Biochemistry and Biophysics alumna builds next-gen robots

Alumna Rebecca Pankow (Honors Biochemistry and Biophysics, ’11), who is a doctoral student in computer science at Brown University, was featured in the October 2017 issue of the New Yorker for her ongoing research to build a new generation of robots that can work cooperatively with humans.

The article, “Welcoming Our New Robot Overlords,” showcased a robot called Winnie, programmed by Pankow and her team to perform a task like pulling petals from a daisy as part of a broader mission to revolutionize robotics and various industries by designing a robot that can perform a range of tasks with different objects of varying shapes, sizes and textures.

Pankow’s collaborative work with her professor and other graduate students aims to conquer the next frontier of robotics: teaching a robot “to function in an environment that was constantly changing.” Her doctoral research focuses on computer vision. In an article in RI future.org, Pankow explains how the camera can guide robots to perform more sophisticated tasks.

“By seeing we mean using the images to identify the location of the flower petal. It’s using cameras to guide machines. Being able to take those images, analyze them and identify where the flower is in the real world. We have to create this software to give it the capability to utilize the camera in a similar way that we use our eyes and our brains to navigate the world.”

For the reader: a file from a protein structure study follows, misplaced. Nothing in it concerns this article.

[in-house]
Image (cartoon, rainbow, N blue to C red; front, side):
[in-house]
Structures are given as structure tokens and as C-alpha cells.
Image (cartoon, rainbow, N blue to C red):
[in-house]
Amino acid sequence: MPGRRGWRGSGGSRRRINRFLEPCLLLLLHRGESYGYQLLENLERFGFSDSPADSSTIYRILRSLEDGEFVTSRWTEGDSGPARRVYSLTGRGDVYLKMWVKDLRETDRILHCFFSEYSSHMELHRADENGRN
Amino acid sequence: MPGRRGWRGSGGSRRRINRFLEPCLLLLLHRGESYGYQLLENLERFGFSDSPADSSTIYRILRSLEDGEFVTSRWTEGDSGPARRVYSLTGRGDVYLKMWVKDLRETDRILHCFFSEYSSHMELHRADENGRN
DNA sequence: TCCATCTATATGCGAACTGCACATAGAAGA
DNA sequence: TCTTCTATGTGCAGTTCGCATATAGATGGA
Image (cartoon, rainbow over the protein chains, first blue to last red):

As an undergraduate student, Pankow amassed a tremendous number of high-impact research experiences both on campus and outside of the university, working across exciting multidisciplinary projects that combined biology, programming and physics. She developed computational methods to quantify gene transcription in bacteria as a participant in the Howard Hughes Medical Institute Summer Research Program. For her honors thesis, Pankow assembled a genome combining data from mate pair library sequencing and next-generation sequencing.

A summer research internship at CERN (the European Organization for Nuclear Research) in Geneva, saw Pankow work on a computing project to update a programming language. Physicists and engineers at CERN use the world’s largest and most complex scientific instruments to study the basic constituents of matter – fundamental particles.

Pankow earned her master’s degree in machine learning from Aalto University in Finland. She worked as a scientist at Helsinki Institute of Physics before pursuing doctoral studies at Brown University.

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